Knockdown of POU5F1 can also be applied to differentiation of other lineages from hPSCs. The removal of POU5F1 leads to the loss of pluripotency and initiation of the early differentiation program, but the differentiation lineage is not defined yet. Therefore, introduction of lineage-defining transcription factors such as MYOD1 should be necessary to induce a specific tissue differentiation program. Indeed, when an mRNA encoding HNF1A, RUNX2, and SOX9, which are known as an important transcription factors for hepatogenesis30, osteogenesis31, and chondrogenesis32, respectively, are introduced in siPOU5F1-treated conditions, the relevant tissue-specific genes are highly induced in hPSCs. These results suggest that siPOU5F1 treatment may facilitate tissue-differentiation of hPSCs directed by lineage-defining transcription factors.
Collectively, our data demonstrated the robustness of the RNA-based method to differentiate hPSCs into skeletal myogenic cells by introducing POU5F1-siRNA together with MYOD1-mRNA. Because the combinatory introduction of siRNA and mRNA is an integration-free and virus-free approach to easily control the gene expression and differentiation of hPSCs, our strategy could be adapted to enhance the utility of hPSCs in disease modeling, drug screening, and cell transplantation therapy for various types of differentiated cells.
SEES-3 cells were obtained from the Center for Regenerative Medicine, National Research Institute for Child Health and Development, Japan. H9 hESCs were obtained from the WiCell Research Institute, USA. The hiPSC lines (409B2 and 201B7) were obtained from the RIKEN Bioresource Center, Japan, and the TkDA3-4 line was obtained from the Center for iPS Cell Research and Application, Kyoto University, Japan. The hESCs/iPSCs were maintained in feeder-free conditions using StemFit AK-03/AK-02N medium (Ajinomoto) on iMatrix-511 (Nippi)-coated plates. For myogenic differentiation, the hPSCs were cultured in a medium comprising αMEM (Gibco) supplemented with 5% KnockOut Serum Replacement, 1 mM sodium pyruvate, 0.1 mM non-essential amino acids, 2 mM glutamine, 0.1 mM β-mercaptoethanol, and penicillin/streptomycin (100 U/100 µg/ml) on iMatrix-511-coated plates. All experiments were performed in accordance with the Guidelines for Derivation and Utilization of Human Embryonic Stem Cells by the Ministry of Education, Culture, Sports, Science, and Technology, Japan.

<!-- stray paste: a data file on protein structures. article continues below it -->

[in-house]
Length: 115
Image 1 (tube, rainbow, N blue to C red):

siRNA, modified RNA synthesis, and transfection
siPOU5F1 (Silencer Select ID s10873) and siControl were obtained from Life Technologies. The ORFs for MYOD1, HA-tagged MYOD1 and Emerald GFP were subcloned into a pCRII construct containing the 5’ untranslated region (UTR) and 3’ UTR of mouse alpha-globin, which increases mRNA stability and translation efficiency, to prepare the templates used for synthesizing the mRNAs. The modified mRNAs were synthesized as described previously12. RNA transfection was performed with Lipofectamine Messenger Max (Invitrogen), according to the manufacturer’s instructions. B18R interferon inhibitor (eBioscience) was added to the culture medium to increase the viability of the transfected cells. The medium was replaced 3 h after each transfection. The efficiency of transfection was analyzed using a BD FACSAria II.
The following antibodies were used: POU5F1 (Abcam #ab19857 and Santa Cruz #sc-5279), NANOG (Abcam #ab21624), MyHC (R&D #MAB4470), SOX2 (Millipore #AB5603), MYC (Abcam #ab32072), T (R&D #AF2085), PAX7 (Invitrogen #PA1-117), MYOG (Abcam #ab124800), MEF2C (CST #5030, DSHB #1D4), SIX1 (CST #12891), MYH2 (Sigma #M1570), MYH3 (DSHB #F1.652), MYH8 (DSHB #N3.36), TTN (DSHB #9D10), ACTN2 (Sigma #A7811), DES (Abcam #ab32362), TNNT2 (Santa Cruz #sc-20025), MYOD1 (BD #554130 and Abcam #ab21624), HA (Abcam #ab18181), and H3 (Abcam #ab1791), and β-actin (Cell Signaling #4970S).
The cells were fixed in 4% paraformaldehyde (PFA) for 10 minutes at room temperature (RT) and permeabilized in 0.5% Triton X-100 in PBS for 10 minutes. The cells were blocked in PBS and 2% bovine serum albumin (BSA) for 10 minutes and incubated with the primary antibodies in a blocking solution (1:500) for 2-3 h at RT or overnight at 4 °C. After two washes in PBS, the cells were incubated with Alexa 488 and 594-conjugated secondary antibodies (Invitrogen) in a blocking solution (1:500) for 1 h at RT. Nuclei were counterstained with DAPI (Dako) for 5 min at RT. Immunofluorescence was visualized with an inverted fluorescence microscope IX73 (Olympus). Images were obtained using Olympus cellSens imaging software.